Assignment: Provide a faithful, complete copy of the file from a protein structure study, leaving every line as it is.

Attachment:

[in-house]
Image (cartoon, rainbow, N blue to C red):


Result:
[in-house]
Image (cartoon, rainbow, N blue to C red):